You Against the Board: Fighting Bad Board Decisions

by Alexandrea Roman on September 24, 2013 and last updated on September 26, 2016

In an ideal corporate board, directors have harmonious working relationships with one another, but this doesn’t mean conflict never occurs. In a group of diverse personalities, differences in opinion over major decisions are bound to happen at some point. Also, conflict isn’t something that should be avoided altogether. It can be a good thing when it encourages various possibilities to be explored and discussed in a professional manner.

But what happens when you’re the only one opposed to an otherwise unanimous board decision, or when you’re part of the minority going against the opinion of the majority? The obvious answer is to let go; you can’t win everything, anyway. However, what if you know the board is making a big mistake? How can you fight for what you know is right when you don’t have strength in numbers to support you?

As a director, you have a fiduciary responsibility to make beneficial decisions for the organization you’re representing, and part of fulfilling that obligation is to do what’s best for it. So if you think the board’s strategy will do more harm than good, you must stand up for the organization and let your voice be heard, which you can do in several ways even when you’re outvoted:

1. Talk to the board chair.

It’s critical for the board chair to hear your concerns as soon as possible in case there’s still time for the board to reverse its decision. He or she may have enough of an influence to make the other directors see the mistakes they’re about to make. At the very least, he or she can give you an opportunity to air your side in the next board meeting. Gaining an audience with the whole board will give the other directors a chance to assess and consider where you’re coming from.

2. Write a letter to the board.

If you want to have a formal documentation of your concerns, prepare a letter addressed to all directors and ask the board chair to make it part of the agenda for the next board meeting. If he or she agrees, copies of the letter will be added to the board pack so that every director can read it beforehand. During the board meeting, the letter will be discussed and therefore, officially recorded and included in the meeting archives. If it turns out in the future that the board did make a mistake, records would show that you did what you could to avert it.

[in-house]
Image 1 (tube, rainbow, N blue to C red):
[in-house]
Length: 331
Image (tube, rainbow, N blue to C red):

3. Back your opinion with an independent study or evaluation.

You can’t just claim that bad things will happen if the majority’s decision pushes through. Although emotions play a big role in decision-making, an impassioned plea will not be enough to win votes, especially if the directors in question also truly believe they’re doing the right thing. For example, if you think that adding a new product line will not be profitable while the other directors believe it will be, you have to present indisputable data to prove that your opinion is based on facts, and not just a gut feeling.

4. Approach your fellow directors.

When all else fails, rely on your inter-personal relationships with your fellow directors to get enough support for your cause. Approach them one by one as a friend and engage them in a more intimate discussion. In some ways, a casual and friendly conversation between two pals works better because in this situation, directors are more relaxed. They’re also away from any external pressure to conform to the majority vote. You have a better chance to influence them to change their votes.

These actions on your part can help swing the majority of the board’s votes. But even if your reasoning fails to make anyone switch sides, the board will know that you are serious about your opinion and that you’re ready to fight for it. You’ll gain the respect of your peers, and you’ll also you’ll save yourself from legal trouble in the future if you’re right about the board being wrong.

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Convene stores past meeting documents in the board portal for fast and easy access. If you ever need a document for legal purposes (or any other reason), simply go to the archives and pull up documents you need. You can do this on your iPad, iPhone, or Android device at any given time and wherever you are as long as you’re connected to the Internet.

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About Alexandrea Roman

Alexandrea is a social media specialist and blogger for Convene.

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